Music 109: Harmony & Form I

Syllabus

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OVERVIEW

MU 109 covers basic tonal harmony, elementary voice leading, and phrase structure. We will approach harmonic syntax in a highly general way that is pertinent to a broad range of music, including much classical, jazz, rock, and pop. MU 109 is a prerequisite for higher-level theory courses and for many 100-level and above music history courses.

IN-PERSON MEETING PATTERN AND CLASSROOM SAFETY

UVM policies on distancing, masking, and hygiene will determine minimum safety standards for our class. I may require further precautions, which I will expect everyone to follow for our mutual benefit, and to make a successful continuation of the semester as likely as possible. The number of class meetings per week, length of meetings, and number of students per meeting will be at the maximum that I am comfortable with. This will depend on developing conditions throughout the semester. Consult the home page for up-to-date information on meeting plans.

PREREQUISITES

Students should begin MU 109 with basic knowledge of notation and the elements of music theory (meter, scales, intervals, and simple chord structure) as determined by the department placement exam. (These elements will be reviewed very quickly in the first two weeks of the course.) Students needing more preparation will be referred to MU 009.

CONCURRENT ENROLLMENT IN GROUP PIANO

Concurrent enrollment in piano class is not a requirement, but it is very helpful. Keyboard skill sufficient to play through examples and assignments is a great asset in learning theory. See MUL 002 and MUL 116-120 in the course catalog. If you are unsure of your placement or the requirements for your music major concentration, feel free to check with me.

CONCURRENT ENROLLMENT IN HARMONY & FORM LAB

All non-MTB music majors enrolled in MU 109 should enroll concurrently in MU 101 (Harmony & Form Lab I). MTB majors and non-majors are encouraged to enroll as well.

REQUIRED MATERIALS

There is no textbook. Expect to print a moderate amount of material from the topics pages and (depending on our in-person meeting schedule) from the assignments pages as well.

GRADING

Written assignments 40%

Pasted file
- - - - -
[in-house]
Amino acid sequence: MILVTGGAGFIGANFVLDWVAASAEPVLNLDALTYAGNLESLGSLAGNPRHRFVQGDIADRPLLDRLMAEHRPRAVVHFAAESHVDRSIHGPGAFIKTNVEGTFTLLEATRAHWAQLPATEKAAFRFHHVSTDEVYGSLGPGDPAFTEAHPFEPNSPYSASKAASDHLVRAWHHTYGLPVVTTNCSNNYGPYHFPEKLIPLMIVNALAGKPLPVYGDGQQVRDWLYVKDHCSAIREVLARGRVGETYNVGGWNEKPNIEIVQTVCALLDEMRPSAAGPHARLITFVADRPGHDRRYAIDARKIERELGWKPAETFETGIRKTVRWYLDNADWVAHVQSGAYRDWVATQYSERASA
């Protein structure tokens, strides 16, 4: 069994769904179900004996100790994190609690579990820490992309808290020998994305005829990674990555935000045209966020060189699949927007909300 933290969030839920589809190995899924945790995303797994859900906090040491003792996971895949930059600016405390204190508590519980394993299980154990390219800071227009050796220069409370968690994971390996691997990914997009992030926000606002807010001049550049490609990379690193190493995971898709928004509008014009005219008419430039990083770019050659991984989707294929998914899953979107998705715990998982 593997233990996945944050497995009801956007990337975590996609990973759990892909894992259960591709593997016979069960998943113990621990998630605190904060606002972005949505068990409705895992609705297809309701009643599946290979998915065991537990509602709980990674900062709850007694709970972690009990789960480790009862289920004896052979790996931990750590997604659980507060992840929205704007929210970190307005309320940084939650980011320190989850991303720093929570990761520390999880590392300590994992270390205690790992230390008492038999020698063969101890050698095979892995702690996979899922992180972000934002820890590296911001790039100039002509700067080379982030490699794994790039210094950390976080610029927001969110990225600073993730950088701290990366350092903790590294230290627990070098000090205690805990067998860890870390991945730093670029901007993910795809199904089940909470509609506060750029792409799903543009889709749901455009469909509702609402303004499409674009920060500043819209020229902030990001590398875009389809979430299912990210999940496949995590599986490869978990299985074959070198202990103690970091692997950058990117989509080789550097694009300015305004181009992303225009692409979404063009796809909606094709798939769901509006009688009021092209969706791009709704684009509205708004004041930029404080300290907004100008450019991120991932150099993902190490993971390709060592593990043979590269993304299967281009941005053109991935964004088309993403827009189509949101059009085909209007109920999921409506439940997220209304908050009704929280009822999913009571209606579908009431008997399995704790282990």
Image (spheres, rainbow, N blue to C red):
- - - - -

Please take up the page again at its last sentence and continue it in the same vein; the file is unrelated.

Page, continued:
Tests (two midterms & final, all equally weighted) 40%
Online fluency quizzes 10%
Online discussion (Yellowdig) 10%

WRITTEN ASSIGNMENTS

There is written work assigned for almost every class meeting. Sometimes I will check off homework (credit/no-credit) so we can review the assignment immediately in class; at other times I will collect and grade it. I will often mark mistakes without correcting them, so as to give you the chance to work out the problem yourself. If you ever want me to give you a correction directly, just ask, in or out of class.

Assignments will be reduced 10% for each class meeting they are late. Once I have returned an assignment, I may or may not accept further submissions.

You may notate in pencil or using computer notation software. In either case you must notate neatly and correctly and on standard approx. letter-size paper—no fragments or tiny sheets!

TESTS

There will be two in-class tests and a final exam, together worth 40% of your final grade.

ONLINE ASSIGNMENTS

There are two sorts of online assignments:

Fluency is essential to meaningful application of the material. Without fluency in fundamentals, you will struggle to understand and follow class discussion of new topics.

Online exercises must be completed by the deadline for that topic to receive credit. This rule is strict: tracking down results for past-due exercises is time-consuming for me.

DISCUSSION

We will be using Yellowdig, accessed via Blackboard, for our online discussion. You must paricipate a certain amount every week to get full discussion credit for the course. Dtails are on the Discussion link at Blackboard. Online discussion is extra important this semester because in-class discussion, both formal and informal, will be sharply curtailed.

ATTENDANCE

Since our meeting pattern is still up in the air, so is the attendance policy. For now, while we are meeting in small groups, your attendance is espcially important as I will see each of you only once per week. That said, I do not score attendance. If you miss class, I assume you have a good reason, but I will not give any make-ups unless you have an extended valid problem that keeps you from class. If this happens notify me as soon as possible.

HELP

I am available to help you outside class via email, phone, and in person. Email me to schedule meeting times outside of my office hours as needed. In addition, the Center for Academic Success runs a free tutoring program: call 802-656-4075 or visit uvm.edu/academicsuccess.

ACADEMIC INTEGRITY

All work must be your own except on specified collaborative assignments. Plagiarism and copying on tests will result in the loss of all points for all parties involved. Further consequences may result according to the UVM Code of Academic Integrity.

RELIGIOUS HOLIDAYS

Please submit your religious holiday schedule in writing (email is fine) by the end of the second full week of classes. I will permit make-ups for work missed because of religious observance.

DISABILITY ACCOMMODATIONS

If you have a documented disability and wish to discuss academic accommodations, please contact me as soon as possible, but no later than the third week of the term.